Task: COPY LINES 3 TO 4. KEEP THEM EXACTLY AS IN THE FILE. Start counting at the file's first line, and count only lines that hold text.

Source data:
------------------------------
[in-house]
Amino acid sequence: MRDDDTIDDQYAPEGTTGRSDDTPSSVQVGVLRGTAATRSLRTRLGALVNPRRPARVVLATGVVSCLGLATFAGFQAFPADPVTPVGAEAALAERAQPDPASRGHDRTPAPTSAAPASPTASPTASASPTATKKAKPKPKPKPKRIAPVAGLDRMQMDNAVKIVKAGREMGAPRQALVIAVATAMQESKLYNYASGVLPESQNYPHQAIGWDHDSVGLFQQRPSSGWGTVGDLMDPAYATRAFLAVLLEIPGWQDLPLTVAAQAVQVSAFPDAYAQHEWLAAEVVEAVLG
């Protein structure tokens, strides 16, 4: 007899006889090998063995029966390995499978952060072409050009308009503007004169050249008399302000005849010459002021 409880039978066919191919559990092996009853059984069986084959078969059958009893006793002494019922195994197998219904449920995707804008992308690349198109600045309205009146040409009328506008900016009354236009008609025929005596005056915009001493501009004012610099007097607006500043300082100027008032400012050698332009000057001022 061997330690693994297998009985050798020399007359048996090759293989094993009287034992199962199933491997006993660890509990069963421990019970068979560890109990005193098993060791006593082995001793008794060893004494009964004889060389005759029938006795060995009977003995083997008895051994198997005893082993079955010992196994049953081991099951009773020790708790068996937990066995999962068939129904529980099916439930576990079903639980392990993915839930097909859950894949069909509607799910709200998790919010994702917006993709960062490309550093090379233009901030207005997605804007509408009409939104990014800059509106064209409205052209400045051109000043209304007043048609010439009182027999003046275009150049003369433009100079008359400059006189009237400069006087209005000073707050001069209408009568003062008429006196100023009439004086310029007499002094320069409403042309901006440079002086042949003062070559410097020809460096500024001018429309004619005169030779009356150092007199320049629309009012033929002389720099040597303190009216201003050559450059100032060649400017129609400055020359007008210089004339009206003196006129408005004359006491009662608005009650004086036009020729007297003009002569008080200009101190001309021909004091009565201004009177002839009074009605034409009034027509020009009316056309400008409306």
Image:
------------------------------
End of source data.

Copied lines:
């Protein structure tokens, strides 16, 4: 007899006889090998063995029966390995499978952060072409050009308009503007004169050249008399302000005849010459002021 409880039978066919191919559990092996009853059984069986084959078969059958009893006793002494019922195994197998219904449920995707804008992308690349198109600045309205009146040409009328506008900016009354236009008609025929005596005056915009001493501009004012610099007097607006500043300082100027008032400012050698332009000057001022 061997330690693994297998009985050798020399007359048996090759293989094993009287034992199962199933491997006993660890509990069963421990019970068979560890109990005193098993060791006593082995001793008794060893004494009964004889060389005759029938006795060995009977003995083997008895051994198997005893082993079955010992196994049953081991099951009773020790708790068996937990066995999962068939129904529980099916439930576990079903639980392990993915839930097909859950894949069909509607799910709200998790919010994702917006993709960062490309550093090379233009901030207005997605804007509408009409939104990014800059509106064209409205052209400045051109000043209304007043048609010439009182027999003046275009150049003369433009100079008359400059006189009237400069006087209005000073707050001069209408009568003062008429006196100023009439004086310029007499002094320069409403042309901006440079002086042949003062070559410097020809460096500024001018429309004619005169030779009356150092007199320049629309009012033929002389720099040597303190009216201003050559450059100032060649400017129609400055020359007008210089004339009206003196006129408005004359006491009662608005009650004086036009020729007297003009002569008080200009101190001309021909004091009565201004009177002839009074009605034409009034027509020009009316056309400008409306």
Image: